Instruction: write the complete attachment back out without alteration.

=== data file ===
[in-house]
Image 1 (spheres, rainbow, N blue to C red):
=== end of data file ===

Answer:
[in-house]
Image 1 (spheres, rainbow, N blue to C red):